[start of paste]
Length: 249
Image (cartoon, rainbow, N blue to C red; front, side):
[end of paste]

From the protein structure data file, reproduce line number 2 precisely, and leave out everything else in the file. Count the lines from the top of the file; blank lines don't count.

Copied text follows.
Image (cartoon, rainbow, N blue to C red; front, side):